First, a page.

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For this final day of October and in wrapping up our 31 Days of Horror here at Unquiet Things, we are going out in style! With reviews of twenty fragrances from Black Phoenix Alchemy Lab’s Autumn/Halloween collection!

…and also a giveaway! For one bottle of their Junji Ito-inspired Tomie perfume! If you want to read my full review of the fragrance, you can find that here.

If you would like the opportunity to win this perfume AND you live in the US, leave a comment on this blog post to be entered into the giveaway! Tell me about your favorite Halloween tradition, favorite scary movie, favorite autumnal scent–whatever you like! One winner —please note, you must be in the US to win— will be selected on Tuesday November 7th! [GIVEAWAY IS CLOSED! CONGRATS JILLIAN!]

I am sorry, but shipping outside the US is too onerous, so please, please note this giveaway is for folks who live in the US only! (I’m sorry I have to sound so desperate about it, but why does no one ever read that part? Please read it!)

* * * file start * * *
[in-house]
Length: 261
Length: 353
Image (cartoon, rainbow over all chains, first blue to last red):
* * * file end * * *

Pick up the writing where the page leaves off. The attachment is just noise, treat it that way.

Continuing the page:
Anyway, let’s get to the reviews!

A Timid Twinkling Golden Star (tuberose and sweet amber) A dusty, honeyed wistful, sepia-tinted floral; the olfactory representation of the concept of “dés-vu”, or the awareness that this moment will become a memory.

A Little Silver Scimitar (foamy orris and ambergris accord pierced by a sliver of white fir needle, moonflower, and cypress) This smells …”incisive” is the word that comes to mind. It knows something, visions of silver, fruit, blood. I picture less a scimitar and more a little letter opener, sharp-edged glinting, used to liberate clever missives, mince sour slivers of plum, impale inconstant hearts.